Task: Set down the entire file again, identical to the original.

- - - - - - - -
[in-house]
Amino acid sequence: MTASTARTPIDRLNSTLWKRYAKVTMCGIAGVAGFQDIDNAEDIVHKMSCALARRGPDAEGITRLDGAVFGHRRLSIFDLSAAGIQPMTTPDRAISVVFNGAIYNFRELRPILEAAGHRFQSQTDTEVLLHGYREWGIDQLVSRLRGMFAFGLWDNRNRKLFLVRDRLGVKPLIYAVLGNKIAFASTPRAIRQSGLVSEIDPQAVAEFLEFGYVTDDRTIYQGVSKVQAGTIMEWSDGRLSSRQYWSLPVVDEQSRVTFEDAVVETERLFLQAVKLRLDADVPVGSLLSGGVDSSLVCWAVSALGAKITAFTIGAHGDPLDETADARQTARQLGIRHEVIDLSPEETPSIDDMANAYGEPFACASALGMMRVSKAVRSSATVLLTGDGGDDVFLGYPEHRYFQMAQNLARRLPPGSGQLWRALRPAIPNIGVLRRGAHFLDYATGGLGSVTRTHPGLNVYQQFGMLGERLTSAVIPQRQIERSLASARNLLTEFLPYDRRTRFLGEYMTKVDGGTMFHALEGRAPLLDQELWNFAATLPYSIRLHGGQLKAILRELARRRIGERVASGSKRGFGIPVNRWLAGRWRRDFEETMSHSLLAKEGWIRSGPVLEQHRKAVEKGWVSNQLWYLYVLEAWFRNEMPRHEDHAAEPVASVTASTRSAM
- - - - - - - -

[in-house]
Amino acid sequence: MTASTARTPIDRLNSTLWKRYAKVTMCGIAGVAGFQDIDNAEDIVHKMSCALARRGPDAEGITRLDGAVFGHRRLSIFDLSAAGIQPMTTPDRAISVVFNGAIYNFRELRPILEAAGHRFQSQTDTEVLLHGYREWGIDQLVSRLRGMFAFGLWDNRNRKLFLVRDRLGVKPLIYAVLGNKIAFASTPRAIRQSGLVSEIDPQAVAEFLEFGYVTDDRTIYQGVSKVQAGTIMEWSDGRLSSRQYWSLPVVDEQSRVTFEDAVVETERLFLQAVKLRLDADVPVGSLLSGGVDSSLVCWAVSALGAKITAFTIGAHGDPLDETADARQTARQLGIRHEVIDLSPEETPSIDDMANAYGEPFACASALGMMRVSKAVRSSATVLLTGDGGDDVFLGYPEHRYFQMAQNLARRLPPGSGQLWRALRPAIPNIGVLRRGAHFLDYATGGLGSVTRTHPGLNVYQQFGMLGERLTSAVIPQRQIERSLASARNLLTEFLPYDRRTRFLGEYMTKVDGGTMFHALEGRAPLLDQELWNFAATLPYSIRLHGGQLKAILRELARRRIGERVASGSKRGFGIPVNRWLAGRWRRDFEETMSHSLLAKEGWIRSGPVLEQHRKAVEKGWVSNQLWYLYVLEAWFRNEMPRHEDHAAEPVASVTASTRSAM